The remains of 282 Indian soldiers who were killed during the country's First War of Independence in 1857 were found during excavation near Amritsar.
The soldiers were said to have revolted against the use of pork and beef-greased cartridges, news agency ANI reported.
"These skeletons belong to 282 Indian soldiers killed during India's first freedom struggle against the British in 1857. These were excavated from a well found underneath a religious structure in Ajnala near Amritsar in Punjab," said Dr JS Sehrawat, Assistant Professor, Anthropology, Punjab University."These soldiers were revolting against the use of pork and beef greased cartridges, a study has suggested. Coins, medals, DNA study, elemental analysis, anthropological, radio-carbon dating, all point towards the same."
Chandigarh| These skeletons belong to 282 Indian soldiers killed during India's 1st freedom struggle against the British in 1857. These were excavated from a well found underneath religious structure in Ajnala near Amritsar, Punjab: Dr JS Sehrawat Asst Prof Dept Anthropology PU pic.twitter.com/pfGdz4W5sC
— ANI (@ANI) May 11, 2022
The skeletons dating back to 165 years were excavated from Punjab in 2014, but it is only recently that they were identified as belonging to Indian soldiers from the Gangetic plain region who were killed by the British army during the revolt of the 1857 Indian freedom struggle.
The discovery was published in the journal Frontiers in Genetics, which shows that the skeletons were of soldiers belonging to people from the eastern part of Bengal, Odisha, Bihar and Uttar Pradesh.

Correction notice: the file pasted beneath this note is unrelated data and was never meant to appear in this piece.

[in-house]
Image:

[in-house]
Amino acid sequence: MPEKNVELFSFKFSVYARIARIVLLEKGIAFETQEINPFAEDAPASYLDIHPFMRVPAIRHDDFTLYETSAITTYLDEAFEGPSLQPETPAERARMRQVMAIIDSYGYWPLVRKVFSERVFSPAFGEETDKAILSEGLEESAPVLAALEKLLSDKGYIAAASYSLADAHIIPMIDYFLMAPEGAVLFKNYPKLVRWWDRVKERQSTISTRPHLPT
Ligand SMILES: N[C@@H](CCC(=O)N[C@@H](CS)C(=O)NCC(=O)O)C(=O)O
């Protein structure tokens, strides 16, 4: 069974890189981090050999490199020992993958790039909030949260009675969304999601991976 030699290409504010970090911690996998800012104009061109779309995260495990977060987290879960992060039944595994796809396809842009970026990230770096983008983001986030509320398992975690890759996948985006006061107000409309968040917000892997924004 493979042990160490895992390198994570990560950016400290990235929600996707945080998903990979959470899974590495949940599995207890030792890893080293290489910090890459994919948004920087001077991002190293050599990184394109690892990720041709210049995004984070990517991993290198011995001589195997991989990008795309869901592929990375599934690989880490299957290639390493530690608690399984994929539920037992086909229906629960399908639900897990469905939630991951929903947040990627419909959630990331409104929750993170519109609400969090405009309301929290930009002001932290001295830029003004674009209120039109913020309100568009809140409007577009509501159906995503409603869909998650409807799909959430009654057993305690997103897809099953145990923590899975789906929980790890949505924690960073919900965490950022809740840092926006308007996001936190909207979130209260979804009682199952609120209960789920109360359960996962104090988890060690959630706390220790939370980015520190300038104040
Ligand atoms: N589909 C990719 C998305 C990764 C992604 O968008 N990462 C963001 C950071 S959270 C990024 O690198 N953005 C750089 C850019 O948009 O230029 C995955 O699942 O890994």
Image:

Professor Gyaneshwer Chaubey, from the Department of Zoology, Banaras Hindu University (BHU), Uttar Pradesh, played a crucial role in the DNA study. According to him, the findings add a significant chapter in the history of the "unsung heroes of India's first freedom struggle."
"This study confirms two things: First the Indian soldiers were killed during the 1857 revolt and second that they are from Ganga plain, and not from Punjab," Chaubey told PTI.
According to the researchers, the study helps to look at history from a more evidence-based way.During the revolt of 1857 -- also known as the the First War of Independence by some historians -- some Indian sepoys recruited in the British Indian army had revolted against the use of pork and beef greased cartridges citing religious beliefs.